Soil is extraordinary, it is the foundation upon which civilization is built. Sometimes disparaged as ‘dirt’ or ‘mud’ it is, in fact, a dynamic living process.
It is composed of minerals, organic matter, gases, liquids, and countless organisms. Amazingly, more creatures live in soil than in any other environment on Earth; one study estimates that a single gram contains 20,000 to 50,000 species.
This rich, dark, mysterious ecological process, that we walk on every day, is core to our planet’s health: cycling water and carbon; absorbing decaying creatures and, of course, being the basis of terrestrial food chains.
It’s also where we grow our food.
Intensive agriculture brutalizes the earth and moves billions of tonnes of soil from the land to the sea. Intensive animal agriculture, more than anything else, treats soil like dirt.
Wendell Berry, a legendary American farmer, activist and radical nature writer recently had a selection of his works compiled for a UK audience in a book edited by Paul Kingsnorth called The World-Ending Fire.
Berry writes passionately about the connection between food and the land, and furiously rallies against human destructiveness and its tragic impacts on the natural world.
He claims ‘eating is an agricultural act’. The food we consume doesn’t just impact upon the organism we eat, but the whole system that created it.
In recent years it was reported that senior UN official Maria-Helena Semedo of the Food and Agriculture Organization (FAO) said the world’s top soil could be gone within 60 years.
Speaking shortly after about this number, Soil/Rhizosphere Scientist Emma Tilston said: “The statistic is undoubtedly thought-provoking and has received a lot of attention.
“It is an average for the world, so where farming practices are more damaging than average this figure could be as low as 20 years; but for countries such as the UK where farming practices are better than average, the predicted life span of soil productivity is slightly longer at 100 years.”
This catastrophic demise of the living earth is all the more terrifying considering it takes at least 100 years to create one inch of topsoil. We are destroying our capacity to grow food at an alarming rate.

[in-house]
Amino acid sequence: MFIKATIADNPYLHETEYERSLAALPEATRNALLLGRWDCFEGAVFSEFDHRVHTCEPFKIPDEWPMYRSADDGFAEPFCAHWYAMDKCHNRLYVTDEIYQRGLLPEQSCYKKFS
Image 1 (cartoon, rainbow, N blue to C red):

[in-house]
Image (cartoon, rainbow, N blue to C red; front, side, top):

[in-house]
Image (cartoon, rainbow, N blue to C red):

Human activities have accelerated soil erosion by 10–40 times. As the living fabric of our world is lost, the results are decreases in agricultural productivity and ecological collapse.
Jared Diamond’s book Collapse, described as ‘the most important book you will ever read’ examines previous examples of societies that have wiped themselves out by undermining their ecological foundations.
Soil erosion is one of eight environmental factors that lead to collapse. Four of the others are also directly linked to intensive animal agriculture. His stark warning is that collapse may be closer than we think:
He writes: “In fact, one of the main lesson to be learned from the collapses of the Maya, Anasazi, Easter Islanders, and those other past societies […] is that a society’s steep decline may begin only a decade or two after the society reaches its peak numbers, wealth, and power […].
“The reason is simple: maximum population, wealth, resource consumption, and waste production mean maximum environmental impact, approaching the limit where impact outstrips resources.”
Diamond goes on to draw conclusions that may be crucial to the survival of our own civilization identifying two distinguishing characteristics of societies that survive.
He says: “The courage to practice long-term thinking, and to make bold, courageous, anticipatory decisions at a time when problems have become perceptible but before they have reached crisis proportions […], the courage to make painful decisions about values.
“Which of the values that formerly served a society well can continue to be maintained under newly changed circumstances?
“Which of these treasured values must instead be jettisoned and replaced with different approaches?”
At a time when the soil we rely on to live is literally slipping away, out from under us, our dietary choices have never been more important.
Carelessly eating the meat churned out from industrial agriculture isn’t just desecrating the butchered animal. It is carving up Mother Earth herself.
Can seeing our living planet as a whole living entity help us to extend Her compassion and control our harmful behaviors?
Of course – this way of viewing the world is shared by many indigenous peoples.
For some tribes, an innate distrust for industrial agriculture sits alongside their reverence for nature.
In Lost Harvests, Sarah Carter quotes Smohalla of the Nez Percé appalled response to the cultural and economic pressure to turn his people into workers and farmers in the rapidly expanding capitalist system.
He says: “My young men shall never work, men who work cannot dream, and wisdom comes to us in dreams.
“You ask me to plow the ground. Shall I take a knife and tear my mother’s breast? Then when I die she will not take me to her bosom to rest.
“You ask me to dig for stone. Shall I dig under her skin for her bones? Then when I die I cannot enter her body to be born again.
“You ask me to cut grass and make hay and sell it and be rich like white men. But how dare I cut off my mother’s hair.”